By Wyatt McKinney
What is Bronchitis?
Bronchitis is defined as an inflammation of the bronchi. Bronchi are airways in the respiratory tract that bring air into the lungs. This inflammation is typically caused by viruses or bacteria, but it may also be caused by inhaled irritants, such as cigarette smoke or harmful chemicals.
Most cases of bronchitis cases involve a viral pathogen. The inflammation is usually the result of the mucus lining of the airways becoming swollen due to irritation. Anyone may contract bronchitis, but people with weak immune systems, such as children and the elderly, are particularly vulnerable.
What are the Symptoms?
Coughing up phlegm or spit, difficulty breathing, and wheezing are all common bronchitis symptoms. Patients typically seek treatment for bronchitis once the coughing becomes uncomfortable or painful. If the inflammation is particularly severe, fatigue, fever, or chest pains may arise. In rare cases, gastrointestinal bronchitis symptoms may arise.
How can you Prevent Bronchitis?
A vaccine for a Haemophilus influenza, which commonly causes bronchitis, was developed in 1985. However, since the vaccine only boosts immunity for six months, it is typically only administered to those most at risk.
Anyone who wants to limit their risk of bronchitis should stop or not start smoking. Even secondhand smoke may lead to bronchitis. Workers who are often exposed to dust or irritating chemicals should wear a dusk mask to prevent inhalation. Everyone who wants to decrease their risk should also limit their exposure to air and traffic pollution.
How is Bronchitis Treated?
There is no medical cure for bronchitis. Typically doctors will treat the symptoms to alleviate the pain and discomfort, and wait from the body to naturally correct the inflammation. Far too often, doctors will prescribe antibiotics. However, for the large majority of cases of bronchitis, this is inadvisable.
Most bronchitis cases are the result of a virus, and antibiotics are only designed to treat bacterial infections. Many doctors are aware that antibiotics are ineffective for bronchitis, but prescribe them anyway because they feel pressured by the patient to treat something besides the symptoms.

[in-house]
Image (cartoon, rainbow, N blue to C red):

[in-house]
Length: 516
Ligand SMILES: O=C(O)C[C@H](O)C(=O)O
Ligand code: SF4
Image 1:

A study from 2002 titled Azithromycin for acute bronchitis published in the medical journal The Lancet referred to this pressure from patients, concluding that Many patients with acute bronchitis require their physicians to 'do something.' And that it should not include the defensive use of ineffective antibiotics."
Immunologists have long warned that over prescription of antibiotics will only lead to stronger and more resistant bacterial strains. Unnecessary prescription of any medicine can be harmful, and patients who take antibiotics may suffer side effects such as vomiting, headache, and rash.
Since the immune system is the best (and in most cases, the only) way to fight the infection that causes bronchitis, patients might benefit from taking supplements that support and boost the immune system.
Many have claimed good results with taking colloidal silver for bronchitis. Colloidal silver can be taken orally or through a nebulizer.
If you would like to take colloidal silver for the treatment of bronchitis, it may be interesting to note that some patients have reported the best results with true colloidal silver versus inferior products that are mostly ionic solutions.